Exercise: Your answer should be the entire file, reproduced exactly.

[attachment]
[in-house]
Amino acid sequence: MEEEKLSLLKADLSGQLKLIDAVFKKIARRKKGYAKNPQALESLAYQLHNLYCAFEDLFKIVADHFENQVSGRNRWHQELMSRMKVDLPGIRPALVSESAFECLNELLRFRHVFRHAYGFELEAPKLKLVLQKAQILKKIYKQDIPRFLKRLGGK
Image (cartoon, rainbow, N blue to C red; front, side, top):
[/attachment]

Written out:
[in-house]
Amino acid sequence: MEEEKLSLLKADLSGQLKLIDAVFKKIARRKKGYAKNPQALESLAYQLHNLYCAFEDLFKIVADHFENQVSGRNRWHQELMSRMKVDLPGIRPALVSESAFECLNELLRFRHVFRHAYGFELEAPKLKLVLQKAQILKKIYKQDIPRFLKRLGGK
Image (cartoon, rainbow, N blue to C red; front, side, top):